Slovakia’s Elections: Neo-Nazi Tinged Politics
Global newscasts and headlines rarely turn their attention to Slovakia, since low debts and steady growth in an EU state are poor pickings for the news cycle. Yet Slovakia’s election this month merits global attention for two reasons: firstly, a fully fledged Neo-Nazi party is in parliament with 8% of the popular vote and secondly, most of the political spectrum shares many of its xenophobic views.
The Peoples Party of Our Slovakia (PPoS) broke the 5% entrance barrier to win 10% of parliamentary seats, which in itself might not be that shocking given the rise of the far right in Europe, except for the fact that the party is modelled on the Nazi-allied Slovak puppet state in WWII. Overall the election was won by Prime Minister Robert Fico and his Social Democrats with 28% of the vote, but short of the majority needed to govern. This likely means that the Social democrats will be forming a coalition government with a range of right-wing parties. In much of Europe a Social Democratic party forming an alliance with a range of right-wing would is hindered by numerous policy divides, including refugee policy. In Germany, for example, the Merkel’s Social Democrat-Christian Democrat coalition is being gradually pulled apart by differences over willkommenskultur (“welcome culture” for migrants). In Slovakia, however, this would not be an issue; the left/right difference over migration policy that characterizes western Europe is not present, with the Social Democrat’s PM vowing not to accept “one single Muslim migrant”. This type of comment is near unimaginable coming from the west’s leading politicians, with the notable exception the American republican frontrunner candidate. And in turn the European Alliance of Socialists and Democrats has censored Slovakia’s Social Democrat party.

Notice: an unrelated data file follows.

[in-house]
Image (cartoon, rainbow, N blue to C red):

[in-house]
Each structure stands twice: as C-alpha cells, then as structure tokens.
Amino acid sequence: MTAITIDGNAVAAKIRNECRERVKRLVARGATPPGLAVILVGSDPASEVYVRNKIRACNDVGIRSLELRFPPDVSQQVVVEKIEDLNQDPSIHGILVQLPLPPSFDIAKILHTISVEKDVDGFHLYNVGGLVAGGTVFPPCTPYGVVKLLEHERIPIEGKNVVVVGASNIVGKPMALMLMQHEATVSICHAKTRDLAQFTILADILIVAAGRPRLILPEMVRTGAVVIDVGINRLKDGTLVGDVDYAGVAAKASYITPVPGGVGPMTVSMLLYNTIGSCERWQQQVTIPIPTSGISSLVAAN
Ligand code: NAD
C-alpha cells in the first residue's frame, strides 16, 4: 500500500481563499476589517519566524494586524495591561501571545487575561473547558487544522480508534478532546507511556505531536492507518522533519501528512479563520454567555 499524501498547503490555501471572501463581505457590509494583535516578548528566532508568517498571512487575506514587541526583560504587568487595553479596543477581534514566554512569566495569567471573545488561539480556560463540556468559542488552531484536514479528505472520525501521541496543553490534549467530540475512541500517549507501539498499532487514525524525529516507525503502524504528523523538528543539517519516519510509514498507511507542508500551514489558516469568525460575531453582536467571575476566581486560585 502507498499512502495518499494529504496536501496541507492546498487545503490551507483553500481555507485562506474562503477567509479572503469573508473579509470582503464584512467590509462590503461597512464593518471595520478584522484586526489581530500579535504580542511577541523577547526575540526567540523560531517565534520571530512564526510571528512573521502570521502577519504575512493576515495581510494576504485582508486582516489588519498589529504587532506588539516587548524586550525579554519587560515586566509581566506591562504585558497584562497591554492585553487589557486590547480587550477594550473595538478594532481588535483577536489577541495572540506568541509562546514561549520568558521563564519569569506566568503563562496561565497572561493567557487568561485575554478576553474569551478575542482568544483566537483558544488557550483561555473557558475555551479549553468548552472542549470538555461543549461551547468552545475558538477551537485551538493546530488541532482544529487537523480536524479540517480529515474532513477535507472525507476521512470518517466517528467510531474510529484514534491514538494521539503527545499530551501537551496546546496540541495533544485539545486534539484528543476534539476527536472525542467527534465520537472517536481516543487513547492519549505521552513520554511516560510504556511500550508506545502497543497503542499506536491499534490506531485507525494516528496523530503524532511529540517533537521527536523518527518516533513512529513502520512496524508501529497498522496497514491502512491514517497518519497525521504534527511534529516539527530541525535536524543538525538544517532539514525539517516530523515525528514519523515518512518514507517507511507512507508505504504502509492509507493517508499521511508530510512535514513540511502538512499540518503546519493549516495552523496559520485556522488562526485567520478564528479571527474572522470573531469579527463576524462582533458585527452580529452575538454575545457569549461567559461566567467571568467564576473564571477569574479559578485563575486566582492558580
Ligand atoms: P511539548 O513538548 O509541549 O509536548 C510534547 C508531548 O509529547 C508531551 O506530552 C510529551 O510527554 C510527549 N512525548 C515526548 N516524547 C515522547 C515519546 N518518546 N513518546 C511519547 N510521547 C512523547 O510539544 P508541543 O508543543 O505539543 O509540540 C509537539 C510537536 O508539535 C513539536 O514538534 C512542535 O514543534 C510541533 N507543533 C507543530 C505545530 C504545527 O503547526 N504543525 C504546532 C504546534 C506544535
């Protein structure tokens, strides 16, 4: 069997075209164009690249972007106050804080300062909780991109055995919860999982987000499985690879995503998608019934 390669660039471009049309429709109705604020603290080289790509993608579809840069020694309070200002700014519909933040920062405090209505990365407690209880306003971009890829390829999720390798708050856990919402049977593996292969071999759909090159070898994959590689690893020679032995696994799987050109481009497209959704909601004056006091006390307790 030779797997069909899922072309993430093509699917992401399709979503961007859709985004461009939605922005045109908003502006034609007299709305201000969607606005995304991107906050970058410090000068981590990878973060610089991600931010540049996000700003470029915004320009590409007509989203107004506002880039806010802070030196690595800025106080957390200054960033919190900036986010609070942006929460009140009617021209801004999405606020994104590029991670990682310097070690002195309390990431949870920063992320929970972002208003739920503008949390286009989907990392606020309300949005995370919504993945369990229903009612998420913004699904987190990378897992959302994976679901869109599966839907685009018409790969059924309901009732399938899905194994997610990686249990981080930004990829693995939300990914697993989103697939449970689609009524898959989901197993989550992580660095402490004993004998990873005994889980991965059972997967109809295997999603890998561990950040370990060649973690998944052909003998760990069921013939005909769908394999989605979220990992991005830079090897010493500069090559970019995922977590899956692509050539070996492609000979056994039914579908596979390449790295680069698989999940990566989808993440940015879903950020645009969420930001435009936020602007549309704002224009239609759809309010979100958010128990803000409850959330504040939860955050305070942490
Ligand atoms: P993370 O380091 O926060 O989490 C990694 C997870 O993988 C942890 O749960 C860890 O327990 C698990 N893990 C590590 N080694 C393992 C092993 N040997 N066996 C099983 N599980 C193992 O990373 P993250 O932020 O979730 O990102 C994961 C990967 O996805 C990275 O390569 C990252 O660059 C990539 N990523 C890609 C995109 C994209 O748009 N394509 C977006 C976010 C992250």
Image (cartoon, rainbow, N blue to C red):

The PPoS stands out among Europe’s far right parties as the carefully tended ambiguity over its Neo-Nazi connections is absent. Parties like Germany’s National Democratic Party make a habit of disavowing neo-Nazi connections, despite evidence to contrary and instead focus attention on their anti-migration policies. In the case of the PPoS Leader Kotleba, this is near impossible with photos of his former “Slovak Brotherhood” party members marching in black uniforms that are eerily reminiscent of the black Hugo Boss designed uniforms of the SS. The Brotherhood first appeared in rallies for a Catholic Priest who had facilitated the expulsion of Slovak Jews to Nazi labour camps. While the Brotherhood was banned in 2006, its neo-Nazi form took shape again under Kotleba who successfully led it to govern in one of Slovakia’s eight regional governments.
The growth of the PPoS is difficult to pin to any single one cause, but discontent at a 24% unemployment rate and political corruption do little to explain the sudden voter support. With 23% of the votes among 18 to 21 year olds going to the party it seems that other conditions have also driven up support for the far-right, especially among the young. Prime Minister Fico in the lead up to the election embraced an anti-migrant stance, especially in dealing with the EU’s quota system and Muslim refugees in particular. He has dismissed multiculturalism as “a fiction” and declared that the country was “established for Slovaks, not for migrants”. Statements like “We’ll never bring even a single Muslim to Slovakia, we won’t create any Muslim communities here because they pose a serious security risk” seem to not fly by the common sense that exceedingly few refugees are security risks but also the reality that Slovakia only received 169 asylum requests last year of which 8 were accepted. It seems that much of the rhetoric from the government symbolised by its campaign slogan of “We Protect Slovakia” is linked to disappointing economic growth and political scandal rather than than an invasion of migrants. While the emphasis placed on its anti-migrant stance is relatively new to the Social Democrats, bizarre allies of convenience are not: for instance, the 2006-2010 government partner leader vowed to “get in our tanks and go flatten Budapest”.
Without an outright majority, a coalition government that includes far-right parties is a distinct possibility. In the run up to elections, Slovakia’s established political parties efforts to maintain power was built on adopting rather than discouraging anti-migrant sentiment that is more typical of the far right and the Neo-Nazi PPoS. Yet instead of taking the wind out of the sails of the insurgent parties, their adoption of an anti-migration discourse has rendered a political force to propel the far-right into parliament. As centrist politicians around Europe look for an answer to the rise of the anti-migrant far right, there are lessons from Slovakia’s election about what to do, and what not to do.